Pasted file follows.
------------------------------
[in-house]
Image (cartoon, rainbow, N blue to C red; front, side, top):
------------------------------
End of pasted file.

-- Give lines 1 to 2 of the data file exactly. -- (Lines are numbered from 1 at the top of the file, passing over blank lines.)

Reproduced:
[in-house]
Image (cartoon, rainbow, N blue to C red; front, side, top):